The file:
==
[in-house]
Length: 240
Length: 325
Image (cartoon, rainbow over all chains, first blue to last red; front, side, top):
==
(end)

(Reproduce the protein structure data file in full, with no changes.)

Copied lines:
[in-house]
Length: 240
Length: 325
Image (cartoon, rainbow over all chains, first blue to last red; front, side, top):